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Silver Coin Hoard from Bhalur East Punjab

by Subhash Parihar


halur is a small village in Moga district of East Punjab, situated some 25 kilometres southwest of the district headquarter. A month back the local inhabitants planned to build a new Gurdwara in memory of Bhai Des Raj, the founder of the village. As usual, kār-seva or voluntary work-service, started.

A local owner of a mechanical digger volunteered to dig the foundation for the structure
at night.

The very next morning the kār-sevaks were amazed to see some old silver coins in the dug earth. On a careful search 56 coins were found out (one coin has lost since then). A careful study of the coins revealed that eighteen of these belonged to the later Mughal period and the rest to the reign of Maharaja Ranjit Singh (1799–1839).

Each Mughal coin measures 2.7 cm in diameter and weighs about 11 gm. The reed edge of some coins is still intact. The complete legend on each reads thus          (Pl. I ):


Hami din ala Muhammad

Sikka fazal Shah Alam Padshah

[za]d bar haft kishwar


(Defender of the divine Faith; money [with the grace of] Shah Alam Badshah [struck] seven climes).


sana 45 julus maimanat manus

zad Farrukhabad

(In the year 45 of his reign of tranquil prosperity; struck [at] Farrukhabad)


The emperor Shah Alam (literally meaning "Lord of the Universe") in whose name these coins were issued was the Mughal emperor Shah Alam II (reign 1761-1805), son of the emperor Alamgir II. The original name of this infelicitously styled emperor was Ali Gauhar. In fact he was the emperor in name only but really a pensioner of the British. After the battle of Buxar (1764), he submitted to the English who the next year took over the administration of what remained of his realm. With this, the Company also assumed the right of coinage.

Although Shah Alam lived up to 1806, he had been barbarously blinded in 1788 when a new puppet king Bidar Bakht was put on the throne. But soon the Marahattas deposed the new king and kept Shah Alam under their control until the British General Lord Lake freed him in 1803. He has also left a collection of his Persian and Urdu verse under the title Diwan-i Aftāb (Aftāb was his pen-name).

The mint name is given as Farrukhabad (situated some 150 km E of Agra) which along with Benaras was one of the two chief mints that served the upper country in Bengal . It was founded in 1803 and first issued these "45 Regnal Year" coins corresponding to the year 1218 Hijri or 1803 of the Common Era. However, this mint was closed in 1824. It may be interesting to note that the Benaras mint ceased to issue its own rupees in 1819 and instead struck an issue of Farrukhabad rupees from 1819 till 1830. And after this date, Calcutta and Sagar took up the duty of issuing Farrukhabad rupees.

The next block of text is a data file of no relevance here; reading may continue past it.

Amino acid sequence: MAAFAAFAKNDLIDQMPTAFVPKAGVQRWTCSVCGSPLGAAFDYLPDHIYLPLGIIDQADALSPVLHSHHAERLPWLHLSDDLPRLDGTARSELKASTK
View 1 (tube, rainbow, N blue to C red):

The remaining 37 coins of the hoard belong to the reign of Maharaja Ranjit Singh (1799-1839). The date is not readable on one of the coins. Of others, the year-wise number of coins is: 1861 (1), 1865(1), 1869(4), 1871(2), 1872(3), 1874(4), 1876(3), 1877(3), 1878(4), 1879(4), 1880(4), 1881(3). All these are Samvat years which converted into Common Era fall in between the years 1804 and 1825.

The weight of each Sikh coin is also 11 grams but their size is a bit smaller, 2.4 or 2.5 cm in diameter. Obviously, the Sikh rulers continued the denominations, or weight and purity standards as established by the Mughal rulers. Even the Persian script, the lingua franca of the educated people from Turkey to Bengal , continued to be used. What they changed was the legend on the coins. The following two types of legends were used on the obverse side of
the coins.

1. Deg tegh o fateh nusrat be-dirang

Yaft az Nanak Guru Gobind Singh

(Abundance, power and victory [and] assistance without delay are the gift of Nanak [and] Guru Gobind Singh)

2. Sikka zad bar har do Alam fazl Sachcha Sahib ast

Fath-i-Gobind Shah-i-Shahan Tegh-i Nanak Wahib ast.

(Coin struck through each of the two worlds by the grace of the true lord. Of the victory of Gobind, King of Kings, Nanak's sword is the provide)

One of the Sikh coins bears on its reverse side along with the date, the mint name as Dar al-Saltanat Lahore (Pl. II) and some other coins as Sri Amritsar (Pl. III).

All the coins bear a leaf mark chosen for unknown reasons. Some scholars identify it as a pipal leaf (Ficus Religiosa) but the variations on the shape of the leaf are so many that it does not belong to a botanically identifiable plant but represents the general idea of a leaf.

The purchasing power of the Sikh coins can be known by comparison only. The historian Bikram Jit Singh Hasrat tells that between 1830 and 1840, in Lahore and Amritsar , one rupee bought on an average: 37.5 kg of wheat, or 76.5 kg of barley, or 46 kg of gram, or 7.7 kg of rice, or 18 kg of gur, or 3.7 kg of cotton. The French Generals Allard and Ventura entered Maharaja Ranjit Singh's service in 1822 at an annual pay of Rs. 30000.

The rupees of Lahore and Amritsar mint were valued at Delhi only at 14 ½ annas. Theoretically they followed the standard of the Shahjahanabad rupee of the Mughals. They were supposed to be pure silver and to weigh 11 mashas and 2 ratis but at Delhi they were only valued at 14 ½ annas, i.e., at about 10% discount rate.

Sardar Gurdev Singh Bhalur, the President of the Gurdwara plans to display these historical coins for public view in the shrine when completed.

[Photographs taken by the author]